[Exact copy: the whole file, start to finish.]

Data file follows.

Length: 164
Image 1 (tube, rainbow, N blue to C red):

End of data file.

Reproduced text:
Length: 164
Image 1 (tube, rainbow, N blue to C red):